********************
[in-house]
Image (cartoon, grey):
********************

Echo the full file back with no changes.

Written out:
[in-house]
Image (cartoon, grey):